Jason, though somewhat "late" in walking (17 months) and fluent reading (7 years), one day at age three taught himself squares and square roots. How could I have guessed that he was ready for that level of mathematics on that particular day? Had I been imposing a standard curriculum, I might have discouraged early mathematics and emphasized reading, and to what end? He is now proficient in, and greatly enjoys, both areas. Ultimately, it made no difference that he achieved this mastery along unevenly timed routes. As John Holt observed, children are not trains. If a train does not reach every station on time, it will be late reaching its ultimate destination. But a child can be late at every "station", and can even change the entire route of the learning process, and still reach mastery of all areas of learning in good time.
The homeschooling child not only knows what he needs to learn, but how best to go about learning it. Jason has always devised ingenious ways for learning what is currently in the foreground of his interest. His method for learning squares and square roots - rows and columns of dots on paper - would never have occurred to me, even if I had guessed correctly that he was ready for this subject at that early age. At about age 6, he was looking over a new globe, and made a game of guessing which of several pairs of countries was larger in area, then larger in population, and so on. These sorts of games went on constantly; his creativity in designing interesting learning methods far surpassed my own, and I never had to give a single thought to motivation. My child is not unique; many homeschooling parents have reported just this sort of creativity and joyful learning in their children.
Jason has had no lessons in the conventional sense. He has taught himself, with help as needed and requested by him, reading, writing, math, and science. However, these subjects are not treated as separate categories, but as parts of the topic of current interest. My role has not been that of "teacher", but of facilitator. I am not merely a passive observer, however. When he asked a question - which he did many times each day, I answered it as well as I could. If I couldnt, I became a researcher: I made phone calls, helped him to use the encyclopedia, accompanied him to the library, or found someone with relevant experience with whom he could learn; whatever helped him to find the answer. This was not merely helpful in answering his specific questions, but in the more general sense of modeling the many ways in which information can be obtained. That is, regardless of which specific topics were covered, our larger curriculum has always been "how to learn" and "how to obtain information."
In an age of "information explosion," it is no longer meaningful or realistic to require rote memorization of specific facts. Not only are these facts meaningless to the child unless they happen to coincide with his own current and unique interests, such facts are simply too numerous, and many will in any case be outdated by the time he is an adult. But if a child learns how to obtain information, he can apply that skill throughout his life.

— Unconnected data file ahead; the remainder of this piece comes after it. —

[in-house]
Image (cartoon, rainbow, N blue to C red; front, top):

While we do not consider ourselves homeschooling for religious reasons, we have always welcomed the time available to explore questions of personal ethics, and to encourage such qualities as kindness, honesty, trust, cooperation, creative solutions to problems, and compassion for others. This is a significant part of our "curriculum". We have also appreciated having time in the morning to discuss dreams from the previous night and plans for the day ahead, when I would otherwise have been preoccupied with helping him to get ready for school. Believing that modern life is already overly hectic, we try as far as possible to make room for unhurried time in our family.
What I have described above is sometimes called "unschooling", in which the child's current interests determine the curriculum, and the parents act not as teachers but as tutors and resource assistants. This method, one of several homeschooling approaches, is often misunderstood, because it is based on assumptions that are quite different from those implicit in conventional schooling.
Unschoolers are more often described by what we do not do; we do not "teach"; we do not impose an arbitrary, artificial curriculum; we do not structure the hours of our "school day". Let me describe what it is we do: Answer questions. Many of us believe that this is the most essential and critical aspect of a successful homeschooling program. Encourage creative and cooperative solutions to problems as they arise. Seek out resources and information to support whatever current interests the child is exploring. Attempt to illustrate, through the daily decisions we make, the benefits of such personal moral qualities as friendship, honesty, and responsibility. Model the joys of learning through our own discussions, reading, and research.
While it is not impossible for a conventionally schooling family to pursue the kinds of activities I have described, it is simply more difficult to do so when parents and children have so much less time together, and when even after-school hours are influenced by projects, homework, and other school-related demands. In addition, school children become used to seeking emotional support from peers, and this pattern is difficult to interrupt even when school is not in session. Rather than being threatened by homeschoolers and unschoolers, who will always be a small minority, educators would do well to see us as colleagues and sources of information on the nature of learning and motivation. After all, we spend nearly all of our waking hours observing, studying, and participating in this fascinating endeavor. Unlike school teachers, we also have the luxury of continuity: we observe learning unfold over many years of spending time with the same child. This helps us to understand the nature of individual intellectual development over the long term.
Homeschoolers, unschoolers, and public school educators share the same goals. That we take divergent paths to these goals should be seen not as an obstacle but as an opportunity to explore - in a cooperative spirit - the unique discoveries each path offers.